UNDP Injects $2.55 M to Boost Viet Nam’s Trade in Services

Mar 20, 2003

Ha Noi - The UN Development Programme (UNDP) and the Ministry of Planning and Investment (MPI) launched today a new initiative to help Viet Nam manage its trade integration as the country actively seeks to enter the World Trade Organization (WTO) while working on implementing trade pacts with the ASEAN and the US.

Through the Department of Trade and Services of the MPI, this $2.55 million project aims to develop a comprehensive strategy for Viet Nam’s services sector, the largest and fastest growing component of international trade. Today, services make up almost one-quarter of the world trade in goods and about three-fifths of all investment flows. For developing countries like Viet Nam, exports of services are set to become as important as exports of goods. 

The project will also provide training for Government officials and business managers on trade policy and skills to deal with the accession issues to the WTO and its General Agreement on Trade in Services (GATS).

Viet Nam’s services sector remains underdeveloped despite the country’s progress in economic development since the launching of the doi moi or renovation process. This sector currently accounts for roughly 40 percent of the total output and employs about 24 percent of the workforce. This contrasts sharply with the services share of total output in middle-income developing countries, which averages about 55 percent of the total output, and about 70 percent in the high-income industrialized countries. According to the Government’s target, services are expected to grow by about 7 percent per year between 2001 and 2005, bringing the share of services to 42 percent of the total GDP by 2005.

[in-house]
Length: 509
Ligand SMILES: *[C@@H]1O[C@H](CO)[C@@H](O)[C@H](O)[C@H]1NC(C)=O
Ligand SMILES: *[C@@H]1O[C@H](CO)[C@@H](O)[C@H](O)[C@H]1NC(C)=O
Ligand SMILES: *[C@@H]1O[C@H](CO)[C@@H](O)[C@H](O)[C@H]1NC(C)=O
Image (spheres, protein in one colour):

Mr. Truong Van Doan, Director General of the MPI Department of Trade and Services said this three year project on trade in services was very timely and needed as Viet Nam’s economy is going global rapidly. “The benefits of services liberalization extend far beyond the services industries themselves; they are felt through their effects on all other economic activities.” said Mr. Doan.

As part of the WTO requirements, Viet Nam will have to progressively liberalize several service sectors to allow for increased market access and grant national treatment to foreign service providers. Membership, on the other hand, will allow Viet Nam to take advantage of the multilateral trading system and expand its access to markets of the over 140 WTO members.

The biggest challenge facing Viet Nam in its integration into the world economy is to ensure the country be competitive and able to reap the benefits of further integration. “The benefits are clear to those who compete from a position of strength. But globalization can have consequences for weak competitors. Liberalization is important for growth, but if it is not managed effectively, it can have negative consequences on human development and poverty reduction in Viet Nam,” said UNDP Resident Representative, Jordan Ryan.

Liberalization of services such as education, health, transport, water and sanitation will not be without problem for the poor. According to Mr. Ryan, for developing countries like Viet Nam, any external trade strategy should put people at its core. This means that it should contribute to greater job creation and environmental sustainability, ensure the fulfilment of needs for all the population in areas of food, health, education, and promote a balanced rural-urban growth.

Viet Nam has been leading the developing world in reducing poverty, effectively halving the country’s poverty rate from well over 60% in 1990 to some 32% in 2002. Further poverty reduction must therefore not be threatened by trade agreements that do not appropriately reflect the development priorities of Viet Nam. A proposed trade strategy must, therefore, first analyze the possible impact of such reforms on the most vulnerable groups of the population. Ryan noted, “The challenge ahead is for Viet Nam to make its way in the world and use trade to provide even greater opportunity for millions of its citizens rather than rewards for the few.”

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